Designing a Basic PVC Home Garden Drip Irrigation System
People of all ages enjoy the benefits of gardening, ranging from producing high quality produce to working with the soil. Due to water costs, and increasing water demands, gardeners need to be concerned about conservation. One effective way to conserve water is by utilizing drip irrigation.
Drip irrigation is a method which reduces the use of water by allowing water to drip slowly to the roots of plants, either onto the soil surface or directly onto the root zone, through a network of valves, pipes, tubing, and emitters. There are many advantages of using drip irrigation. These include:
Raised bed using drip irrigation
- Water savings, since only those areas directly around plant root zones are irrigated.
- Plants undergo less stress from variations in soil moisture.
- Slow application rate prevents excess surface water build-up and reduces evaporation.
- Weed growth is reduced because areas between plants are not irrigated.
- System can be designed for use in all types of terrain and soil conditions.
- Low flow rate allows irrigation of larger areas and more plants can be watered at once.
These and other benefits are only possible to the user when a drip irrigation system is properly de-signed, managed, and maintained.
Juab County Drip System
Gardeners in Juab County designed a drip irrigation system that is simple, user friendly, easy to man-age, and effective. The system can be designed to accommodate nearly every type of garden situation. People should design a system that works best for them. The Juab County Drip Irrigation System can be modified for different types of applications in-cluding raised beds, greenhouses, fruit trees, and traditional gardens.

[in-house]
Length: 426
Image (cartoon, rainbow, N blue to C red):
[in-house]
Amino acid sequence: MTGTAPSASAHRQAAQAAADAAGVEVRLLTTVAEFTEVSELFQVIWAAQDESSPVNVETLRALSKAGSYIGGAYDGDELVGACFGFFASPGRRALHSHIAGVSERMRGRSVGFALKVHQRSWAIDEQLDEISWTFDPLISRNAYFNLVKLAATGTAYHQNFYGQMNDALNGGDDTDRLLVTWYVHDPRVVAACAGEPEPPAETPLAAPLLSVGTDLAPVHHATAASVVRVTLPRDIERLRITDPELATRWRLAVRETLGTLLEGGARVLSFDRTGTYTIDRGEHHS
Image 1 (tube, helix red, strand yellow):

PVC drip irrigation example
The system uses ½, ¾, or 1 inch PVC pipe, fittings, and manual valves. Depending on care, life expec-tancy of the materials is 10 to 12 years. All lines and fittings, before the manual valves, are glued to handle high water pressure. Lateral lines are not glued to make the system flexible in row place-ment. Lateral lines can be changed and moved quite easily depending on the type of plants grown.
Main distribution lines are glued,lateral lines are not glued
Valves, Water Output, Plugs, and End Caps
One problem gardeners experience with their irri-gation system is controlling flow rate and high wa-ter pressure. With this system, manual ball valves are used to control flow rate and assist in reducing pressure. The number of lateral lines that can be used with this system will vary a great deal. It will depend on several factors including the irrigation source flow rate and pressure, length of main and lateral lines, and the desired per hole water output. As gardeners use this system, they will learn how to manage their system to maximize water output.
Manual valves control flow rate andassist in reducing pressure
Plugs are used to eliminate water flow in non-irrigated row areas. End caps are used on the end of each lateral line to force the water through irri-gation holes. The caps are not glued for the ease of cleaning the system.Plugs are used to eliminate wateringnon-irrigated rowsEnd caps are not glued for ease ofcleaning the system
Hole Size and Spacing
Hole size is one of the keys to the success of the system. A 1/16 inch hole is the desired size. It is large enough to let soil particles pass through, but small enough for correct flow rate. To drill the holes in the lateral lines, the following equipment is needed: drill, tape measure, marking pen, and 1/16 inch drill bit. For convenience when drilling holes, place the pipe on some type of stand, such as tables placed end to end.